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Today's word on journalism

May 8, 2009

The Last WORD

The Fat Lady Sings, Off-Key, Drools

At about this time every year, like the swallows to Capistrano or the buzzards to Hinckley, Ohio, the WORD migrates to its summer musing grounds at the sanitarium —St. Mumbles Home for the Terminally Verbose.

The reason is clear, and never moreso than as this season —the WORD's 13th —peters out.

It's been a fraught year of high palaver and eye-popping transition, both good and not-so-much. An interminable presidential campaign saga finally did end, and in extraordinary and historic fashion. Meanwhile, the bottom and everything that's below the bottom fell out of the economy, with families, homes, entire industries and —of particular interest to WORDsters and the civic-minded —dozens of daily newspapers ("I don't so much mind that newspapers are dying--it's watching them commit suicide that pisses me off." --Molly Ivins). . . all evaporating. What replaces them, from the individual to the institutional to the societal? Are we looking at a future of in-depth Tweeting?

As any newsperson or firehorse knows, it's hard to turn your back on day-to-day catastrophe --we just have to look at the car wreck. But even the most deranged and driven need a rest. As philosopher Lilly Tomlin once observed, "No matter how cynical you become, it's never enough to keep up."

So this morning, as a near-frost hovered over northern Utah, the unmarked van pulled into the driveway and the gentle, soft-spoken men in the white coats rolled the WORD out of bed and into a straitjacket for the usual summer trip to St. Mumbles, where the blathering one will be assigned a hammock and fed soothing, healthy foods --like tapioca, dog biscuits and salmon --while recharging the essential muscles of cynicism, outrage, sarcasm, social engagement and high-mindedness, in preparation for the next edition.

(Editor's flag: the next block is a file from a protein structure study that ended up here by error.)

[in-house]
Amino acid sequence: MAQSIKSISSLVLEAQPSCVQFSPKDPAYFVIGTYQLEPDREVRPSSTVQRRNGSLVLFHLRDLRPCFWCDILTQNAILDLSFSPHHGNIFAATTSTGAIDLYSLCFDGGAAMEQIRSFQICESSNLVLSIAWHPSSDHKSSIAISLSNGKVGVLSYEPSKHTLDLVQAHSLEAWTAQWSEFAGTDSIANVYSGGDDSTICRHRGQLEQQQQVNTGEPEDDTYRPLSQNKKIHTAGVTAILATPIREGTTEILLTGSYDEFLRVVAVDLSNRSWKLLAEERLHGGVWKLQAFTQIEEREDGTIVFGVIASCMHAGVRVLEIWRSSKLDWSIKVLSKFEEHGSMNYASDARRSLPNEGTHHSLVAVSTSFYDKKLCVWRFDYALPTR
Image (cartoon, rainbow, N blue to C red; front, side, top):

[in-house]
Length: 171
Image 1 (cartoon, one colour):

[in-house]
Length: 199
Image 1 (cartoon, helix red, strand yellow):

Summer well, friends.

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Feedback and suggestions --printable and otherwise --always welcome. "There are no false opinions."

Brigham city mayor presents awards for community service

By Rebecca Hansen

March 16, 2009 | BRIGHAM CITY -- Nice guys certainly don't finish last in Brigham City, as demonstrated when awards were presented to citizens for outstanding contribution and service in the community.

Mayor Lou Ann Christensen gave three awards at the beginning of the City Council meeting recently to deserving individuals and teams, saying this was one of her favorite parts of her job.

An Everyday Hero award was presented to the Youth Volunteer Council of Brigham City. Christensen said they earned this award because this "army of youth volunteers takes on projects of all kinds" which have included work with the Fine Arts Center, Peach Days, the senior center and the museum.

Ambassador awards are given out twice a year and are chosen from other awards the mayor gives out during the year, Christensen said. The individual Ambassador award was given to Sergeant Kurt Fertig of the Brigham City Police Department. Christensen said he was the sergeant who rescued a mother and her 6-year-old son from their apartment above the Bott Monument building when it caught fire on Aug. 26 last year.

"I didn't feel like I had done much," Fertig said in accepting the award. "Thank you to all of you, that's very nice."

The team Ambassador award was given to Brigham City police officers Josh Carr, John Stanford and Chad Panter. When Matt Jaramillo opened fire in the City Hall parking lot on Feb. 12, 2008, it was thanks to these officers, with the assistance of a Box Elder County Sherriff's deputy, that the incident was resolved.

"You never imagine the outcome of these situations. It falls back to muscle memory and training." Officer Josh Carr said, acting as the group's spokesperson. "I accredit it to the training through the Brigham City Police Department. Thanks to Brigham City and the police department for their support."

In other delegation, the city council approved a request from Youth Volunteer Council to designate $5,900 of their money that is in the State Treasury Fund to two $250 scholarships per year until the money is gone. They also approved the designation of a Downtown Cultural District proposed by Beth Gurrister of the Heritage and Cultural Arts advisory board.

In new business, Jim Buchanan, Brigham City fire marshal, requested approval of revisions to the fire division bylaws to include things like signing rolls and prohibiting alcohol and non-prescription drugs on premises and approval of revisions to the ambulance division policies and procedures to be in compliance with all city policies.

Buchanan said these requests had already been approved by the mayor, the city administrator and the city attorney. The requests were approved by the city council.


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